office, he necessarily went to the royal closet; that he knew of no secret influence, and that his own integrity would be his guardian against that danger : but the House might rest assured whenever he discovered any, he would not stay a moment longer in office. I will neither have the meanness, said Mr. Pitt, to act upon the advice of others, nor the hypocrisy to pretend, when the measures of an administration in which I have a share are deserving of censure, that they were measures not of my advising. If any former ministers take these charges to themselves, to them be the sting. Little did I think to be ever charged in this House with being the tool and abettor of secret influence. The novelty of the imputation only renders it the more contemptible. This is the only answer I shall ever deign to make on the subject, and I wish the House to bear it in their mind, and judge of my future conduct by my present declara. tion: the integrity of my own heart, and the probity of all my public, as well as my private principles, shall always be my sources of action, I will never condescend to be the instrument of any secret advisers whatever, nor in any one instance, while I have the honour to act as minister of the crown in this House, will I be responsible for measures not my own, or at least in which my heart and judgment do not cordially acquiesce.

With regard to the questions put to him as to the dissolution, it did not become him to comment on the words of a most gracious answer of the sovereign delivered from the throne; neither would he presume to compromise the royal prerogative, or bargain it away in the House of Commons. When his honourable friend *, in whose, hands he considered his honour to be as safe as his own, before the recess, in his name, and by his authority pledged himself to the House, that he (Mr. Pitt) would not advise a dissolution, such at that time had been his real sentiment; he could not at present say more, but he hoped, nevertheless, the House would now consent to receive and go into the consideration of his India bill.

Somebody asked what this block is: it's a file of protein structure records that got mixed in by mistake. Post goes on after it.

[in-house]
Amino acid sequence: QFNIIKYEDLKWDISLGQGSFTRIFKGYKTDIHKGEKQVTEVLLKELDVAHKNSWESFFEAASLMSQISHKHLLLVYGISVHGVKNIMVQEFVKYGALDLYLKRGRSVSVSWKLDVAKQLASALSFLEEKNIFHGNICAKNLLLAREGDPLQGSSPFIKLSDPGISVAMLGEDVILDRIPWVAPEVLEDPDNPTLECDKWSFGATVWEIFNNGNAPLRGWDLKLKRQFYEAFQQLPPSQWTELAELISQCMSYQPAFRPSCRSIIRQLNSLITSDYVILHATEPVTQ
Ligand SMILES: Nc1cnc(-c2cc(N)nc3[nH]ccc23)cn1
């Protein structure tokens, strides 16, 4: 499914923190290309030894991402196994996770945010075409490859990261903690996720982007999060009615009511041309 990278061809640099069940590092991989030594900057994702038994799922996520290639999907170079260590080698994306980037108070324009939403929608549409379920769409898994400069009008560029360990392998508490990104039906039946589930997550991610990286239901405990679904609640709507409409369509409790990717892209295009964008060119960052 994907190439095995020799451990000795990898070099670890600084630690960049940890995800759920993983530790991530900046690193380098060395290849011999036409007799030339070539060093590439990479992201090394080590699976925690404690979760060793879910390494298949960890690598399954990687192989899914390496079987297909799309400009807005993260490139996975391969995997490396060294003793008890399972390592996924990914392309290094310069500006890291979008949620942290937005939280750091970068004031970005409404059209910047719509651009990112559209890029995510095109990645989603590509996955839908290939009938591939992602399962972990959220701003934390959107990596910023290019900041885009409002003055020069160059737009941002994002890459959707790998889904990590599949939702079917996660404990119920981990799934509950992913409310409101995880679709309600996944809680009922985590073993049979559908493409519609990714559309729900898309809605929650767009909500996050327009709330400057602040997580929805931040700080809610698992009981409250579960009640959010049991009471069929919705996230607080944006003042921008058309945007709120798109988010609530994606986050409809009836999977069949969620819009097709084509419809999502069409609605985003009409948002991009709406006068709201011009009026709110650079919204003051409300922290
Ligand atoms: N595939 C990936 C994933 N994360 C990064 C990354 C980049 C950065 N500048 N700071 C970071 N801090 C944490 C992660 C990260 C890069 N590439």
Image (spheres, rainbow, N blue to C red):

# Mr. Dundas.

The motion for the order of the day was carried,

Ayes... ... ... 232

Noes......... 193, and the House went into the committee on the state of the nation; when several strong resolutions were passed, condemning as unconstitutional both the appointment, and the continuance in office, of His Majesty's ministers, who possessed not the confidence either of that House, or of the people.

The purport of the message from the King, which Mr. Pitt had to present, and which was afterwards read from the chair, was, “ to inform the House, that on account of the river Weser being frozen up, and its navigation rendered impassable, two regiments of Hessian troops had been obliged to be disembarked and distributed in barracks at Dover, Canterbury, Chatham, and Portsmouth : and that His Majesty had given especial directions that, as soon as the navigation of the Weser was open, the two regiments in question should be again embarked, and immediately sent home to Germany."

January 14. 1784. Mr. Pitt, in pursuance of the notice he had given, this day moved for leave to bring in a bill for the better regulation of the government in India.